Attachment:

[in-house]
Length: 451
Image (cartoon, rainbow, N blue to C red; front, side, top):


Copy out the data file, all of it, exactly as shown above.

[in-house]
Length: 451
Image (cartoon, rainbow, N blue to C red; front, side, top):